To send content items to your account,
please confirm that you agree to abide by our usage policies.
If this is the first time you use this feature, you will be asked to authorise Cambridge Core to connect with your account.
Find out more about sending content to .
To send content items to your Kindle, first ensure email@example.com
is added to your Approved Personal Document E-mail List under your Personal Document Settings
on the Manage Your Content and Devices page of your Amazon account. Then enter the ‘name’ part
of your Kindle email address below.
Find out more about sending to your Kindle.
Note you can select to send to either the @free.kindle.com or @kindle.com variations.
‘@free.kindle.com’ emails are free but can only be sent to your device when it is connected to wi-fi.
‘@kindle.com’ emails can be delivered even when you are not connected to wi-fi, but note that service fees apply.
Little is known about the combined use of benzodiazepines and antidepressants in older psychiatric patients. This study examined the prescription pattern of concurrent benzodiazepines in older adults treated with antidepressants in Asia, and explored its demographic and clinical correlates.
The data of 955 older adults with any type of psychiatric disorders were extracted from the database of the Research on Asian Psychotropic Prescription Patterns for Antidepressants (REAP-AD) project. Demographic and clinical characteristics were recorded using a standardized protocol and data collection procedure. Both univariate and multiple logistic regression analyses were performed.
The proportion of benzodiazepine and antidepressant combination in this cohort was 44.3%. Multiple logistic regression analysis revealed that higher doses of antidepressants, younger age (<65 years), inpatients, public hospital, major comorbid medical conditions, antidepressant types, and country/territory were significantly associated with more frequent co-prescription of benzodiazepines and antidepressants.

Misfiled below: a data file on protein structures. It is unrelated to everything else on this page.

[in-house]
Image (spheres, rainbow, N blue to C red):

Nearly, half of the older adults treated with antidepressants in Asia are prescribed concurrent benzodiazepines. Given the potentially adverse effects of benzodiazepines, the rationale of benzodiazepines and antidepressants co-prescription needs to be revisited.
Using data from the Research on Asian Psychotropic Prescription Patterns for Antidepressants (REAP-AD) study, we aimed to present the rates and clinical correlates of suicidal thoughts/acts in patients recruited from a total of 40 centres in 10 Asian countries/areas: China, Hong Kong, India, Indonesia, Japan, Korea, Malaysia, Singapore, Taiwan, and Thailand.
Data from 1122 patients with depressive disorders in the REAP-AD study were used. The ICD-10 was employed to diagnose depressive episodes and recurrent depressive disorder. The presence or absence of suicidal thoughts/acts and profile of other depressive symptoms was established using the National Institute for Health and Clinical Excellence guidelines for depression. Country/area differences in rates of suicidal thoughts/acts were evaluated with the χ2 test. In addition, depressive symptom profiles, other clinical characteristics, and patterns of psychotropic drug prescription in depressed patients with and without suicidal thoughts/acts were compared using analysis of covariance for continuous variables and logistic regression analysis for discrete variables to adjust the effects of covariates.
The rates of suicidal thoughts/acts in 10 countries/areas varied from 12.8% in Japan to 36.3% in China. Patients with suicidal thoughts/acts presented more persistent sadness (adjusted odds ratio [aOR]=2.64, p<0.001), loss of interest (aOR=2.33, p<0.001), fatigue (aOR=1.58, p<0.001), insomnia (aOR=1.74, p<0.001), poor concentration (aOR=1.88, p<0.001), low self-confidence (aOR=1.78, p<0.001), poor appetite (aOR=2.27, p<0.001), guilt/self-blame (aOR=3.03, p<0.001), and use of mood stabilisers (aOR=1.79, p<0.001) than those without suicidal thoughts/acts.
Suicidal thoughts/acts can indicate greater severity of depression, and are associated with a poorer response to antidepressants and increased burden of illness. Hence, suicidal thoughts/acts can provide a clinical index reflecting the clinical status of depressive disorders in Asians.
Email your librarian or administrator to recommend adding this to your organisation's collection.